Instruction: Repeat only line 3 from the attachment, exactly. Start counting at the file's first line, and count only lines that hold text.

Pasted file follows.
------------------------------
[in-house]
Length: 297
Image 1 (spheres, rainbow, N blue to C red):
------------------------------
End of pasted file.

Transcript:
Image 1 (spheres, rainbow, N blue to C red):